Do you wish you could generate more enthusiasm among your board members?
In my work with boards around the country, I’ve found some magic questions that can awaken their enthusiasm and energy.
In fact, I am constantly amazed at how easy it is to help them get back in touch with their passion for the cause.
Ask your board members these questions and see what happens:
Question #1: Why do you care about our organization?
When board members ponder this question, guess what:
- They get happy.
- They get enthusiastic.
- They feel their deep commitment.
- They go back to the deeper stuff of emotion and energy.
All the studies show that it’s emotion that generates action. Data and logic do not compel action.
But get someone hot and bothered and emotional about something – and watch out! Clear the way!
You can read HOW I set up a discussion of this question among board members here – and I really do get some amazing results.
Question #2: Why is our organization’s work important?
Here you are drilling down even further into emotion. Here you are evoking a discussion about impact.
This question conveys images of suffering or needy people who want and need the help that your organization is bringing to them.
Another way to ask this question is: What difference do we make in the world?
Be sure you let your board members do the talking when you ask these questions!
They are not going to get their emotions revved up unless THEY are actively engaged in the conversation.
It’s got to be a discussion that every single person participates in – that’s the way to evoke personal emotion.
Question #3: What do you want as a board member? And what do you not want?
We spend so much time thinking about what our board members can do for us – that we rarely stop to consider what we can do for them.
June Bradham, in her terrific book, The Truth About What Nonprofit Boards Want, found that the single largest indicator of board giving was how they rated the “quality” of their experience.
So ask your board members what they want out of their experience as a board member.
You just might be surprised! And they will be amazed that you thought enough to ask.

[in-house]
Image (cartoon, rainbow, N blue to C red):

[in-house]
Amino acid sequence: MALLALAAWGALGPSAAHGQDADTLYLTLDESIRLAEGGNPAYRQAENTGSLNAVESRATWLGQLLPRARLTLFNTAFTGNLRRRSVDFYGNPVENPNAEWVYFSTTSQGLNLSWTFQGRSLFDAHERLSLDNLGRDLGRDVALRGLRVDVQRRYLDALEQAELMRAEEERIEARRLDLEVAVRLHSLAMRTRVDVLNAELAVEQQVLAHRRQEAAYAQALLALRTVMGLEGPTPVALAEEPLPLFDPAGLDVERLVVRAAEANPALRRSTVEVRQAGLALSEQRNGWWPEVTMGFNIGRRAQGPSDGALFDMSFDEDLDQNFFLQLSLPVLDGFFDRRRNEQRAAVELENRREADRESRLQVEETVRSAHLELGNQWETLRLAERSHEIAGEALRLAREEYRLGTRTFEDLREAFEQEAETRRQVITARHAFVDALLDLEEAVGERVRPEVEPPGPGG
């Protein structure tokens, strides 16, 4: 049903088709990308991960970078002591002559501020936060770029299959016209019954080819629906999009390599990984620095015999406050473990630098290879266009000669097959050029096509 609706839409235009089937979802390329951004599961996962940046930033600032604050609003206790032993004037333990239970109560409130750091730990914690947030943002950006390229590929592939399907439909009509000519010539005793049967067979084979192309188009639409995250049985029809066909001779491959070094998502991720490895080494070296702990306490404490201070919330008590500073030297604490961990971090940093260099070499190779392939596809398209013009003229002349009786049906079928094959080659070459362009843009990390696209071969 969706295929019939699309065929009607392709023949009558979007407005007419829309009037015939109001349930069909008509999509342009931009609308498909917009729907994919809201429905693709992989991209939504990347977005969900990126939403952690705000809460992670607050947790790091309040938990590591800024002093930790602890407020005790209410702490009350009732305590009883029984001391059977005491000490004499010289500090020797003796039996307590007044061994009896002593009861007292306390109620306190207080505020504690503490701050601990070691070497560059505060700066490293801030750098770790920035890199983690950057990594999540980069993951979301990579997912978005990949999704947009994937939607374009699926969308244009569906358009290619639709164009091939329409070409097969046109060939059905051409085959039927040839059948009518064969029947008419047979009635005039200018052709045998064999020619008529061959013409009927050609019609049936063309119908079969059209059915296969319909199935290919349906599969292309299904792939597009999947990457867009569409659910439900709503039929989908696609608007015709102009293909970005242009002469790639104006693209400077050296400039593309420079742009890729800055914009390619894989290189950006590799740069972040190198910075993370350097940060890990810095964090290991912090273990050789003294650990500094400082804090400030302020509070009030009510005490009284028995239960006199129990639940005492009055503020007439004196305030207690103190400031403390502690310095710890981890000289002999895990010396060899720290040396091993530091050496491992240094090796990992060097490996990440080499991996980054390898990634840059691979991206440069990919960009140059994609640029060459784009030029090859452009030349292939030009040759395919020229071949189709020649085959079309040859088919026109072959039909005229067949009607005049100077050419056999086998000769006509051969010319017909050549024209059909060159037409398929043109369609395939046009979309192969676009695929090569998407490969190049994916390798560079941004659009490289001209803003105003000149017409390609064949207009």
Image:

They might say things like these (from June’s book and research):
- We want to work with passionate, committed people.
- We want social time so we can meet the other board members.
- We want to get our hands dirty and get close to our organization’s work.
- We want more education and training.
- We want your operations to be transparent – don’t hide things from us.
- We don’t want any surprises.
Be sure your board members are getting what they want out of serving on the board and that they are having a terrific experience.
They will be happy and much more enthusiastic. And you’ll get more out of them.
Question 4: What kind of training and education do you want?
You may be surprised to hear that your board members want more training and education. But on what topics?
Board members in her survey said they wanted training in:
- How to inspire donors to make larger gifts
- How to interact confidently with donors in a tough economy
- How to initiate conversations with donors
- How to work in teams effectively in asking for gifts
Be sure to give your board members fundraising training.
I work all over the continent helping boards work on their elevator speeches, learn how to talk to donors, how to get the door open, how to prep a donor for an ask, how to ask successfully, and find out how donors are behaving differently these days.
And board members love it!
They are often fascinated (no kidding) by this material.
This past week I worked with the board chairs of the YMCA’s in the state of Illinois, and they were on the edge of their seats the whole time – eager and interested.
Give your board members this kind of training, and they will be ready to go to work in fundraising!
Here’s a question: what do you think YOUR board members want?
Leave a comment and let me know: